Calvin Decker, who says he applied for the job largely to attend the Minneapolis concert without paying for tickets, was caught on video singing along to “Cruel Summer.”
A Minneapolis security guard who worked at the Eras Tour says he was fired for asking fans to take photos of him standing in front of Taylor Swift.
Calvin Decker, who says he applied for the security job largely in order to attend a Swift concert without paying for tickets, went viral after a fan posted a video of him singing along to her 2019 song “Cruel Summer” during a June show at U.S. Bank Stadium.
Decker was stationed in front of the center stage, saying in a TikTok video a few days after the concert that he had to keep his eyes focused on the crowd and was not allowed to turn toward Swift.
“After night one, I was realizing how close Taylor Swift was getting to me, so I really wanted to get a photo to document it. So I handed down these little pieces of paper that said I wasn’t allowed to have my phone out, but if Taylor Swift comes right behind me, please take a photo of me and text it to my number. And I handed this out to a couple of people in the front row for night two and they were really kind and really sweet about it.”
Decker explained that he did not pass a note to the woman who posted the widely shared TikTok of him singing, but he was “so happy to see me going viral.”
In an update video posted in August, Decker said the security company, Best Crowd Management, fired him due to a rule prohibiting staffers from taking photos with performers. Decker said the company took issue with his handing out notes to audience members asking to be sent photos that he “made my way into.”
Taylor Swift performs at Sofi Stadium in Inglewood, Calif., on Aug. 7.Michael Tran / AFP – Getty Images
“Beyond that, the HR woman who called me wasn’t able to articulate exactly what I did wrong, because I didn’t do anything beyond asking for photos, which is what happens at any other concert, with the only exception being that I made sure I got any that I was included in,” Decker said.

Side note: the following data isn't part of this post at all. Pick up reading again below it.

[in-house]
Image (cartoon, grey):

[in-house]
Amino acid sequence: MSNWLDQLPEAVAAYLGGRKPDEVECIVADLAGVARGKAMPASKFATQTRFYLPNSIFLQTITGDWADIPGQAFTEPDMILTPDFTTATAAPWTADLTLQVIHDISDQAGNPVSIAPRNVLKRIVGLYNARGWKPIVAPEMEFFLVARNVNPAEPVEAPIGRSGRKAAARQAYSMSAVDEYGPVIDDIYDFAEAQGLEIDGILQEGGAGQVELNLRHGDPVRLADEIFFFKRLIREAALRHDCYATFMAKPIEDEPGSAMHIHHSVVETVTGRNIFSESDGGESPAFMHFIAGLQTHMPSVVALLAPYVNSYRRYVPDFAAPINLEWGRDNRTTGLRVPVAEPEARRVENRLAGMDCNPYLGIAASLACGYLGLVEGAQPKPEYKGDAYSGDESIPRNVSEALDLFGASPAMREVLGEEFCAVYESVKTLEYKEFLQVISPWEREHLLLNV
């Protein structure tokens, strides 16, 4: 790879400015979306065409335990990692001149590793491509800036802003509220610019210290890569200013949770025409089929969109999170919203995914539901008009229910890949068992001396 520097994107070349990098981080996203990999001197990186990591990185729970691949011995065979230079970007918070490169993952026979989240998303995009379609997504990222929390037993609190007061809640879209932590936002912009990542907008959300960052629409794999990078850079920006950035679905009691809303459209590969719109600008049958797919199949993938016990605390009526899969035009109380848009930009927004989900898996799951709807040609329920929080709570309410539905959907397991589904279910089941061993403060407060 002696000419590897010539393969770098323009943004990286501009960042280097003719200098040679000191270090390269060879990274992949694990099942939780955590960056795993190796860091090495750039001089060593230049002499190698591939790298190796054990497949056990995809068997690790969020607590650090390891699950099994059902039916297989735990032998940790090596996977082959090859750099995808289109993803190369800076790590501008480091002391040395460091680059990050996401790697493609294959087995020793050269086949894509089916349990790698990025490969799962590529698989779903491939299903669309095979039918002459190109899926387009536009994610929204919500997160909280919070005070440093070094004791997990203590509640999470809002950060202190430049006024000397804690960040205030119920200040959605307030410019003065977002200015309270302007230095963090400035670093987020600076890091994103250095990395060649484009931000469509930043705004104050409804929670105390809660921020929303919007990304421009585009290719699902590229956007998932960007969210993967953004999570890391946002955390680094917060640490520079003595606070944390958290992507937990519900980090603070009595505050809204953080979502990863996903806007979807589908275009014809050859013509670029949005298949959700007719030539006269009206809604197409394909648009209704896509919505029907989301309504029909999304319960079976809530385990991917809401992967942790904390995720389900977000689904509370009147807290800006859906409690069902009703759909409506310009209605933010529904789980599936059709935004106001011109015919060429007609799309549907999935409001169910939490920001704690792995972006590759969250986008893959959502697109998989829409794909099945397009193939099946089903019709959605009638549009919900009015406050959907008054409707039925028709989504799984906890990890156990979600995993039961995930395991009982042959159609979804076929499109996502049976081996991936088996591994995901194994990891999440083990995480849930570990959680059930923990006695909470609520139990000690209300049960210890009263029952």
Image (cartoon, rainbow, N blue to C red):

“Every photo of me from that night was from behind the barricade like any other photo from a fan would be,” he continued. “I never took my own phone out. And above all else, I made sure that Taylor Swift was safe and all the fans had a good time. As long as I was at that concert, I was doing my job.”
Decker was allegedly fired a couple of days after his first TikTok video, but when he offered to delete the post, the company’s human resources representative said she would get back to him. He said he didn’t hear back for more than a month and was then scheduled to work an Ed Sheeran concert at U.S. Bank Stadium.
“A couple of managers talked to me just to make sure that I wouldn’t be making any videos, but a lot of them were really cool and willing to give me a second chance,” Decker said.
After working a seven-hour shift, Decker said he was approached by HR and was then officially fired, despite the company assigning him additional shifts and not following up after the Swift debacle. Despite losing his job, Decker seems content, telling his followers not to send “hate” to Best and that he holds “no grudges against my employer.”